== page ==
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Article
Publication date: 11 December 2018

Alasdair Marshall, Udechukwu Ojiako and Maxwell Chipulu

Risk appetite is widely accepted as a guiding metaphor for strategic risk management, yet metaphors for complex practice are hard to critique. This paper aims to apply an…

Abstract

Purpose

Risk appetite is widely accepted as a guiding metaphor for strategic risk management, yet metaphors for complex practice are hard to critique. This paper aims to apply an analytical framework comprising three categories of flaw – futility, perversity and jeopardy – to critically explore the risk appetite metaphor. Taking stock of management literature emphasising the need for metaphor to give ideation to complex management challenges and activities and recognising the need for high-level metaphor within strategic risk management in particular, the authors propose a means to scrutinise the risk appetite metaphor and thereby illustrate its use for further management metaphors.

Design/methodology/approach

The authors apply a structured analytical perspective designed to scrutinise conceivably any purportedly progressive social measure. The three flaw categories are used to warn that organisational risk appetite specifications can be: futile vis-a-vis their goals, productive of perverse outcomes with respect to these goals and so misleading about the true potential for risk management as to jeopardise superior alternative use of risk management resource. These flaw categories are used to structure a critical review of the risk appetite metaphor, which moves towards identifying its most fundamental flaws.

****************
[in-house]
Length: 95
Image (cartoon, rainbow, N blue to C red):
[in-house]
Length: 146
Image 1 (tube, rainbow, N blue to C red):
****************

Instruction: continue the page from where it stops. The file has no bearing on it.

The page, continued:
Findings

Two closely interrelated antecedents to flaws discussed within the three flaw categories are proposed: first, false confidence in organisational risk assessment and, second, organisational blindness towards contributions of behavioural risk-taking to true organisational risk exposure. A theory of high (over-optimistic, excessive or inappropriate) risk-taking organisations explores flaws within the three flaw categories with reference to these antecedents under organisational-cultural circumstances where the risk appetite metaphor is most needed and yet most problematic.